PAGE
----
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Old 03-29-2008, 04:11 PM   #1
Platapus
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Default Put a bubble in Safety

In watching my beloved WWII sub movies, this term comes up.

The command is “Put a bubble in Safety”

Does this have to do with the Safety Ballast Tank or is it in reference to something else?

If it does deal with the Safety Ballast Tank, I am still confused as to what this command really means and why you would do it.

The Safety Ballast Tank is a small pressure resistant ballast tank located amidships between the Fuel Ballast Tanks and the Auxiliary Ballast Tanks.

The technical book “The Fleet Type Submarine” states:

“The primary function of the safety tank is to provide a means for quickly regaining positive buoyancy by blowing the tank when submerged. It follows, then, that the safety tank must be fully flooded when submerged, otherwise it can not fulfill its primary purpose”

I can understand that in order to surface very rapidly, the Safety Ballast Tank can be blown. Or if the conning tower or main induction is flooded, the Safety Ballast Tank can be used to compensate for the extra water weight.

What does “Put a bubble in Safety” mean?

Does it mean that a small quantity of air is blown into the Safety Ballast Tank? If so why?

Is the command not to be taken so literally and “put a bubble in Safety” means something else to do with the Safety Ballast Tank? If so what?

Is this not even a real command but some hollywood BS?

Landlubber minds want to know
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Old 03-29-2008, 04:27 PM   #2
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In War in the Boats: My WWII Submarine Battles By William J. Ruhe, he uses that command. It's clearly something to do with pre-charging the safety tank, or purging it gently and quietly.
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Old 03-30-2008, 04:19 PM   #3
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Considering the role of the saftey tank, putting a "bubble in safety" would probably be used to compensate for flooding inside the pressure hull.

Respectfully Submitted;
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Old 03-31-2008, 12:44 AM   #4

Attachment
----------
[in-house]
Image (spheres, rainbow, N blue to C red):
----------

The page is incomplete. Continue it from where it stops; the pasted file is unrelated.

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Put a bubble in safety... We might need to purge completely if the flooding continues. Blow her gently so as not to allow the enemy sonar operators the oppertunity to hear the roar of a balleast tank purge.

The safety enabled a small differential in bouyancy that floated the sub positive yet allowed planes and velocity to keep the vessel submerged at commanded depth without having to blow the main tanks. In combination with the comand flood negative or blow negative, the boyancy of a boat is more readily maintained and controllable. Often the boats bouyancy balance was crucial in an attack approach and setup against a listening adversary. With out these crucial settings the blowing of tanks is a noisy affair and can often warn an enemy surface combatant not only as to where you are but what you are doing. Ideal neutral bouyancy was a constant balancing act with temeprature, salinity, and operating depth all factors.
A limited compressed air supply could be extended if a boat was primarily running slight positive bouyancy and using planes and velocity for depth maintenance. Only in emergencies and crash dives would one open all the bllast tanks and take on the tons of water to claw down to the deep and silent world of submerged safety. The captain and crew that did this imprudently or did so with holed or leaking tanks are mostly still out here on permanent patrol.

So "put a bubble in safety" means to get the boat to positive or near postive bouyancy so that the planes, forward velocity, an a slight purge of the main tanks would send her back up to the surface realm. Once at the surface low preassure turbo blowers would charge the main tanks and float the sub above the water...

An intial surface condition often had little freeboard unless the captain and crew were sure they could recharge their air they used to blow....

Laters

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Old 03-31-2008, 09:15 AM   #5
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Quote:
Originally Posted by edjcox


Put a bubble in safety...
All I can say is 'Wow'.

Now I want all of this modeled in game.

"MODDERS!!!"
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Old 03-31-2008, 04:20 PM   #6
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Much thanks Ed
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Old 03-31-2008, 04:58 PM   #7
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Default Wir Fahren auf England

The title "Wir Fahren auf England" is sung by the Teutonic Titwillow Lilly Von Shtup, in "Blazing Saddles". Your signature uses the word "gegen" which means against... Implying a condition of war or strife...

Look for it when Mel Brooks best hits your screen next time... It was a WWI era song...

Thanks for the kind words..


Here is a list of the many tanks aboard a sub... Note the Safety tank


Main ballast tanks - Tanks that are provided primarily to furnish buoyancy when the vessel is in surface condition and that are habitually carried completely filled when the vessel is submerged.
Variable ballast tanks - Ballast tanks that are not habitually carried completely filled when submerged and whose contents may be varied to provide weight compensation are known as variable ballast tanks. These ballast tanks are constructed to withstand full sea pressure.